As a 90s baby, I love nostalgia. That is exactly what I was expecting to experience as I watched the first trailer for “Goosebumps.” This movie, based on the soft-horror novel series for children released in the 1990s, was a new spin on the old tales.
As an avid reader of the novels, I had high hopes for the first film debut of “Goosebumps.”
Newly widowed Gale and her son, Nick make the big move from New York to Madison, Del. to take a position as a vice principle at Nick’s new high school. The movie plot begins as Nick is unloading boxes and has his first run-in with his exceedingly creepy neighbor, Mr. Shivers. He warns Nick to stay on his side of the fence — a foretelling for the rest of the movie. A few nights later, as Nick takes the trash out, he meets Hannah. Hannah is the “girl next door” in the movie. She is off-limits but in danger, or so Nick thinks. As they sneak out and begin the classic pre-teen love story, Nick begins to realize that Hannah is not like other girls. After hearing many screams come from the creepy house next door, Nick believes it is his job to save Hannah from her incredibly scary dad.
Despite Shivers’s many warnings to stay away, Nick and his new friend, Champ, decide to break into the house and free Hannah, only to reveal the secret that Mr. Shivers is not who he says he is. As they enter the library of the house, the boys are met with hundreds of old, locked up “Goosebumps” manuscripts.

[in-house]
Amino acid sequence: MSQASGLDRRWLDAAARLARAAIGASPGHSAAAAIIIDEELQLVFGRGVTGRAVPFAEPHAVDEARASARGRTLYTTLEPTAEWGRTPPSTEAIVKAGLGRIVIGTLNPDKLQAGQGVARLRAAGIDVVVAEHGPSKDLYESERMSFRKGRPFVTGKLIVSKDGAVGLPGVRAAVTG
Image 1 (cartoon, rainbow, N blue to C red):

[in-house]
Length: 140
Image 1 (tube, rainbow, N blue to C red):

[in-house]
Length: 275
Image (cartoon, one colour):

“The Abominable Snowman of Pasadena!!” Champ exclaims as he picks up his favorite of the Goosebumps series.
Though Nick doesn’t want to, Champ is relentless about unlock
-ing the novel until he finally caves.
With the key in hand, he unlocks the book. With that, a monster is released. It turns out that each story holds the characters within, causing the kids quite a bit of turmoil. With their leader, Slappy the Dummy — quite arguably Stine’s scariest creation — leading the pack, the chaos begins.
The nostalgia portrayed in the movie is low, but for good reasons. It is a movie that draws in a new audience, while slightly throwing puns at the old one. As I watched the familiar characters destroy the town of Madison, I did not feel like I was re-reading the books or re-watching the show. I was being told a new, ex citing story.
The film’s PG rating is quite fair with the creepiness of the movie balanced out by its humor. It is wonderful to see Jack Black in another comedy for kids. “Goosebumps” may not be the next “Nacho Libre,” but it definitely was a success.
Selina Pohl is a sophomore nursing major. This review reflects the view of the writer only.